Notorious arms dealer Viktor Bout gave his first interview to a Russian state news outlet since he was exchanged for American basketball player Brittney Griner just hours after landing in Moscow.
Conducting the interview was Russian-spy-turned-state-news-correspondent Maria Butina, who was expelled from the United States in 2019 after spending more than a year behind bars.
Bout described the 14 years he spent in a U.S. prison, a medium-security facility in Marion, Illinois.
“Mostly, my fellow inmates were sympathetic toward Russia, or at least, if they knew nothing about it, they would ask me questions,” he said.
Bout downplayed the significance of the prisoner exchange, which saw the WNBA star return to Texas on Thursday after spending 10 months in a Russian prison on drug-smuggling charges.
“To consider why they exchanged me now — it’s unhelpful,” Bout told Butina. “They exchanged me, and that’s that. I don’t think that I am important to Russian politics. We just don’t leave our people behind.”
Bout added that it was not a sign of weakness on the part of the Biden administration to exchange Griner for him.
“I wouldn’t say that the Americans caved in by exchanging me,” Bout said. “If the agreement was reached, it means that common ground was found that satisfied both sides.”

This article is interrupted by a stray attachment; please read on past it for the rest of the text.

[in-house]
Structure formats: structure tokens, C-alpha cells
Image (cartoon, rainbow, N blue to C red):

Bout was once described as the world’s most prolific arms dealer and dubbed the “Merchant of Death,” with alleged ties to Russian security services. He was arrested in 2008 in Thailand and extradited to the U.S. in 2010.
He was convicted in 2011 after a trial in New York on terrorism charges for conspiring to kill Americans by selling tens of millions of dollars worth of weapons to the FARC narco-terror group based in Colombia and sentenced to 25 years in federal prison.
Bout was also accused of selling weapons to the Taliban in Afghanistan and oppressive African regimes. The 2005 Nicolas Cage film Lord of War is based on his alleged exploits.
He was slated to remain in prison until 2029 at the earliest.
In his interview, Bout insisted that he was innocent.
“There was nothing,” Bout said of the charges against him, adding that there were “probably thousands and thousands and thousands” of cases like his and that he was caught up in geopolitics.
Bout’s release was celebrated in Russia, which had asked for his extradition a decade ago and considered him the victim of an unjust prosecution.
“Hero of our time,” read a description of the interview posted on YouTube.
Bout embraced the role of national martyr in his interview and backed the Russian invasion of Ukraine.
“Everything that happened to me is now happening to our country,” he said, citing the condemnation Russia has received since invading Ukraine.
“I am proud that I am Russian and that Putin is our president. I honestly don’t understand why we didn’t do this earlier,” he said of the invasion.
Bout noted that his time in solitary confinement was incredibly challenging — “Yes, there was panic. Yes, it was very difficult” — and he complained about American prison food, primarily the lack of garlic and fresh herbs.
Still, he claimed he was at peace and held no bitterness toward the U.S.
“You have to learn to forgive,” Bout said.